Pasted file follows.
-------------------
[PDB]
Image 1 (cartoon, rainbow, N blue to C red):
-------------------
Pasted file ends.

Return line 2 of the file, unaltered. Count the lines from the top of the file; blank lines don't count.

Image 1 (cartoon, rainbow, N blue to C red):